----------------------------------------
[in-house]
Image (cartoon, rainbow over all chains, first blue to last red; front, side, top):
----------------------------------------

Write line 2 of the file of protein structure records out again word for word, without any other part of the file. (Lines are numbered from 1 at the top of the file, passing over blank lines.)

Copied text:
Image (cartoon, rainbow over all chains, first blue to last red; front, side, top):